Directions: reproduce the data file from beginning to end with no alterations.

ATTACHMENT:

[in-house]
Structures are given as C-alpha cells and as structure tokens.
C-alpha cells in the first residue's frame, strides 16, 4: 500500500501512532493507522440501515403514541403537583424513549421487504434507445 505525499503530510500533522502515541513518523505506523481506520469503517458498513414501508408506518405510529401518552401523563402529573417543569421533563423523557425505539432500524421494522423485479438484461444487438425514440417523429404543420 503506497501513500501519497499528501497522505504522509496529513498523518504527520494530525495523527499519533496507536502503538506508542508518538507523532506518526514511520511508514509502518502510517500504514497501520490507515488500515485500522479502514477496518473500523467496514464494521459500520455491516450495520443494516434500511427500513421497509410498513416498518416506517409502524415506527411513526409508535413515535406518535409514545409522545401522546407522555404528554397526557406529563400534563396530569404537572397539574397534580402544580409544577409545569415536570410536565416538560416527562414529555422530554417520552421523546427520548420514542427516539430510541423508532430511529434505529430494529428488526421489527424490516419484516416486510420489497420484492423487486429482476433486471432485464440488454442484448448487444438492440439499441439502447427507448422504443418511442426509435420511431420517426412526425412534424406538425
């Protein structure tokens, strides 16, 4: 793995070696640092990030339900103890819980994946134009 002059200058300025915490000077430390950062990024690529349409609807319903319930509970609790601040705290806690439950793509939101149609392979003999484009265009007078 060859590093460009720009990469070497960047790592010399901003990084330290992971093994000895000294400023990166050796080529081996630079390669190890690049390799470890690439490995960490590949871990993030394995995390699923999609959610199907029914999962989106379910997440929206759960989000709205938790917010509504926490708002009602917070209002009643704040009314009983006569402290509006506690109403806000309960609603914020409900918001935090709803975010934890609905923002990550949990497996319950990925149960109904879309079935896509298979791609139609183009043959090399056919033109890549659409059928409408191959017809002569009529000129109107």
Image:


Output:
[in-house]
Structures are given as C-alpha cells and as structure tokens.
C-alpha cells in the first residue's frame, strides 16, 4: 500500500501512532493507522440501515403514541403537583424513549421487504434507445 505525499503530510500533522502515541513518523505506523481506520469503517458498513414501508408506518405510529401518552401523563402529573417543569421533563423523557425505539432500524421494522423485479438484461444487438425514440417523429404543420 503506497501513500501519497499528501497522505504522509496529513498523518504527520494530525495523527499519533496507536502503538506508542508518538507523532506518526514511520511508514509502518502510517500504514497501520490507515488500515485500522479502514477496518473500523467496514464494521459500520455491516450495520443494516434500511427500513421497509410498513416498518416506517409502524415506527411513526409508535413515535406518535409514545409522545401522546407522555404528554397526557406529563400534563396530569404537572397539574397534580402544580409544577409545569415536570410536565416538560416527562414529555422530554417520552421523546427520548420514542427516539430510541423508532430511529434505529430494529428488526421489527424490516419484516416486510420489497420484492423487486429482476433486471432485464440488454442484448448487444438492440439499441439502447427507448422504443418511442426509435420511431420517426412526425412534424406538425
């Protein structure tokens, strides 16, 4: 793995070696640092990030339900103890819980994946134009 002059200058300025915490000077430390950062990024690529349409609807319903319930509970609790601040705290806690439950793509939101149609392979003999484009265009007078 060859590093460009720009990469070497960047790592010399901003990084330290992971093994000895000294400023990166050796080529081996630079390669190890690049390799470890690439490995960490590949871990993030394995995390699923999609959610199907029914999962989106379910997440929206759960989000709205938790917010509504926490708002009602917070209002009643704040009314009983006569402290509006506690109403806000309960609603914020409900918001935090709803975010934890609905923002990550949990497996319950990925149960109904879309079935896509298979791609139609183009043959090399056919033109890549659409059928409408191959017809002569009529000129109107």
Image: